- 4 min read

The Wonders of Toyama

Many great attractions without the crowds

It is amazing that there are so many beautiful places to visit throughout Japan. Around every corner there is something that will interest you. Toyama is just another example of an unexpected discovery.

Until recently Toyama was an out of the way city that most foreign travelers had never heard of. Now the new Hokuriku Shinkansen takes you directly from Tokyo to Toyama knocking off several hours travel time.

This was to be a stopover for our next day trip to Kurobe Gorge and Dam. We had not checked out what this city had to offer, because it was intended to be just a place to rest up before the big activities in the mountains.

That all changed when we arrived at Toyama station and walked into a convenient information center. We found that we were not as tired as anticipated and decided to use our half-day to tour the city.

With a self-guided map in hand we noticed a fish market and boarded a tram to the waterfront area. The tram dropped us off at the last stop, which turned out to be near the new Shinminato Bridge. You may be thinking, "so what a bridge?" This bridge spans 600 meters and after an elevator ride up one of the towers is a very nice enclosed pedestrian walkway. On a clear day you can see the Noto peninsula, the Tateyama Mountains, and Toyama Bay. Looking down on the left side is the Kaio Maru tall ship. We enjoyed a nice stroll over and back stopping often to take pictures from the large clear windows.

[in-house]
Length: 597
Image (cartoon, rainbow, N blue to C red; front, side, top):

Not far from the bridge is a path that leads first to the Tall Boat Park and then onto to the Fish Market. Although on a smaller scale than most of the fish markets we have visited, it was clean and very organized.

When you travel throughout Japan there is one thing you will notice everywhere and that is that Japanese love soft cream. This is not your typical vanilla and chocolate flavors. The flavors range from green tea to seaweed and at this market shrimp soft cream. Like Kit Kats, most prefectures have a special flavor soft cream representing their area.

Our next stop was the Uchikawa Canal featured in several films because of its many artistic sculptured bridges. They claim to be the Venice of Japan, but Kyoto also has made that claim as well. I have been to both canals and cannot argue with either one.

We took a quiet walk along the canal and ended up in one of the many unique art galleries. As soon as we entered the gallery a lady sat us down and gave us a nice cup of hot coffee. After browsing the paintings we settled on two watercolors depicting the bridge and the canal. We found out our bus back to the station had already left and in a panic began asking various shop owners where we could catch another bus. She finished with her customer and then led us down several streets and made sure we boarded the proper bus. Now that is what you call customer service!

Upon returning to our hotel near the station we found a local sushi restaurant, where I experienced my first horse-tongue sushi. If you try not to think about where it came from, the taste is amazingly good. It is interesting how in each culture we get set in our ways as to what is good to eat and what not to touch.

Japan has helped me to broaden my horizons, especially when it comes to food. Japan’s cuisine is one of two countries, France being the other, designated as UNESCO cultural heritage status.

Toyama is also known for very sweet red queen crabs, Yellow tail, and white shrimp. With pleasure I tried them all.

There are many other attractions in Toyama, including Toyama Castle, Botanical Gardens, Fugan Unga Kansui Park where you can enjoy Starbucks coffee while watching the sunset and lighting of the Shinminato Bridge.

Once again I have discovered another not so well known city that offers several great attractions and awesome hospitality.


Join the discussion

Relinda Puspita 7 years ago
I was in the city just to get to Alpine Route.
Rey Waters Author 7 years ago
That was our main purpose also, until we found out there was so much to see in the city.